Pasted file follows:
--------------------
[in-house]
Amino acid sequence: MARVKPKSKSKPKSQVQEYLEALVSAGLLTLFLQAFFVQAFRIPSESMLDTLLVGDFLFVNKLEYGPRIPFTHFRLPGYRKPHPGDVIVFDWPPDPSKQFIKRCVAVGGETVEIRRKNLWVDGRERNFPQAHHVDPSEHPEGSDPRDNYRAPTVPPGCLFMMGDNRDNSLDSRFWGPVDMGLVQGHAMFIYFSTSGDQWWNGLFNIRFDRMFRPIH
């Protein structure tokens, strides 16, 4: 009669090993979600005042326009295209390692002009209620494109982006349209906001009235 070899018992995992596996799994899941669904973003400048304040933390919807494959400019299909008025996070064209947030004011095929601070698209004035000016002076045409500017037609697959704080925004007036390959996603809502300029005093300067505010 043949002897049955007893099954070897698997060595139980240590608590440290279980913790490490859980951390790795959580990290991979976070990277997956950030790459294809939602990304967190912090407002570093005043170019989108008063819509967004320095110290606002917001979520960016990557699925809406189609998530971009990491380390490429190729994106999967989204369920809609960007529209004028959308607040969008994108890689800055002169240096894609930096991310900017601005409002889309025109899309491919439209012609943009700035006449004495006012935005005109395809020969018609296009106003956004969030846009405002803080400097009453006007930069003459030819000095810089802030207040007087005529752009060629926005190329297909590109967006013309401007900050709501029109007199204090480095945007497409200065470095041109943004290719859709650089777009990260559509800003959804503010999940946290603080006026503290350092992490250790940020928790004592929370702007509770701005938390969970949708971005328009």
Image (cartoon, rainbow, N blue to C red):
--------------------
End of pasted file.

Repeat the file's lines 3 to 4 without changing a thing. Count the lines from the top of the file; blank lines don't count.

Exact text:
């Protein structure tokens, strides 16, 4: 009669090993979600005042326009295209390692002009209620494109982006349209906001009235 070899018992995992596996799994899941669904973003400048304040933390919807494959400019299909008025996070064209947030004011095929601070698209004035000016002076045409500017037609697959704080925004007036390959996603809502300029005093300067505010 043949002897049955007893099954070897698997060595139980240590608590440290279980913790490490859980951390790795959580990290991979976070990277997956950030790459294809939602990304967190912090407002570093005043170019989108008063819509967004320095110290606002917001979520960016990557699925809406189609998530971009990491380390490429190729994106999967989204369920809609960007529209004028959308607040969008994108890689800055002169240096894609930096991310900017601005409002889309025109899309491919439209012609943009700035006449004495006012935005005109395809020969018609296009106003956004969030846009405002803080400097009453006007930069003459030819000095810089802030207040007087005529752009060629926005190329297909590109967006013309401007900050709501029109007199204090480095945007497409200065470095041109943004290719859709650089777009990260559509800003959804503010999940946290603080006026503290350092992490250790940020928790004592929370702007509770701005938390969970949708971005328009």
Image (cartoon, rainbow, N blue to C red):